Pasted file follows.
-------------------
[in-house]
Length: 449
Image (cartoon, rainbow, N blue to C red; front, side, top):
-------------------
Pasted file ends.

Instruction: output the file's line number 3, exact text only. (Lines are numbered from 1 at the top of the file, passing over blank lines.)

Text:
Image (cartoon, rainbow, N blue to C red; front, side, top):